When making a thinning cut, do not cut so near the trunk or next branch that you cut into the area at the base of the branch that you are removing. This area is called the branch collar.

By cutting into or removing the branch collar, you will slow down the healing process and possibly increase the risk of infection. If you did it properly, you will see a circle of healthy callus material swell around the cut in the spring.

Heading Back:

This is simply shortening the length of the branch back to a bud or the next side branch. A proper heading back cut should never leave a stub.

Stubs that are left from pruning usual rot and later invite insects and disease to move in and attack healthy material. Make your pruning cut at a slight angle about a above the bud or side branch.

Thoughtful pruning of your trees and shrubs during the dormant winter season will allow you more time to enjoy the fruits and blooms of your labours during the pleasant weather of spring!

Winter Tree Inspection:

As leaves fall from the trees each autumn, branches formerly shrouded in dense foliage of a canopy reveal themselves once again.

Although given the choice, many people I know would prefer to never have to deal with the ensuing mess; I relish this time as an opportunity to inspect each tree canopy.

One important observation I make is to note any branches that may need to be removed. The dormant months offer the best opportunity for a visual once-over, and provide the best time to remove branches.

Limbs of trees are pruned for any one of the following reasons; they’re dead or diseased, they’re crossing or rubbing another limb, they’re growing inward or competing with another branch and one needs to go.

Another reason for limb removal may be to raise or open the canopy, either to provide more vertical clearance or allow lighter to reach the ground.

However, there is a right and wrong way to prune those limbs. When cut properly, trees quickly recover but the wrong cut can create a snowball effect of negative consequences.

Best Time to Prune During Winter:

The best time to remove tree branches and limbs is in late fall through late winter. Disease pathogens are inactive and therefore not a serious risk to damaging your trees. However, a fresh cut or wound during the warmer months can be an easy entry point for diseases and pests.

Be aware that there are some trees that ‘bleed’ excessively when cut. This is sap oozing from the fresh wound. Although it looks serious and unsightly, it causes no harm. Some trees that are especially prone to bleeding include beech, birch, elm, maple and yellowwood.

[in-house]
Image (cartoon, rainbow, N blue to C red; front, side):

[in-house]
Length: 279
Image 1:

You may be inclined to dress fresh cuts or wounds with tree paint or wound dressing, sold and marketed as such. My suggestion is that it is rarely necessary and most of the time actually slows down the natural healing process. Trees are amazing at adapting to adverse conditions so my advice is to make a clean cut and leave it alone.

Pruning tree limbs can be a great improvement to the look and health of your total landscape if you follow the guidelines mentioned above. Taking shortcuts or pruning at the wrong time can lead to more problems later.

Removing Tree Limbs Correctly

I strongly suggest the Three Step Approach to cutting tree limbs!

Step One:

Make the first cut about one or two feet out from the tree trunk. This cut starts on the underside of the limb and goes into it, but only about a third of the way. This is a very important step in the process.

Step two:

Make the second cut is outside of the first cut another foot or two. Make this cut all the way through the branch. The branch is likely to break away as you saw your way through the limb. Because you’ve already made the first cut on the underside and closer in, the bark will not continue to tear down into the tree trunk.

Without the first cut, as the branch breaks away from the weight of the limb, the attached and uncut bark goes with it, tearing it from the tree as well. This creates a big potential problem, allowing a large open wound and entry point for pests and diseases.

Step Three:

The final cut is right at the branch collar where the branch meets the trunk. Look for the flared area here. Make the final cut so that the flair is still apparent afterwards. If cut properly, this flair will heal over and eventually fill in with new bark and scar tissue. You’ll know the tree is healing properly when you notice what looks like a doughnut forming where you made the cut.